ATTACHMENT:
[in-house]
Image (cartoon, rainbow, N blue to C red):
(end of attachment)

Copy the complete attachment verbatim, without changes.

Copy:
[in-house]
Image (cartoon, rainbow, N blue to C red):